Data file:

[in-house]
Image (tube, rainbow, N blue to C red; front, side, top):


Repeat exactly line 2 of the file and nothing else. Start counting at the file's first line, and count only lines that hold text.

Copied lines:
Image (tube, rainbow, N blue to C red; front, side, top):